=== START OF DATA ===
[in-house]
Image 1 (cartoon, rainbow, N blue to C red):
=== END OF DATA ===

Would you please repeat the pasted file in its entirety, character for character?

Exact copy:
[in-house]
Image 1 (cartoon, rainbow, N blue to C red):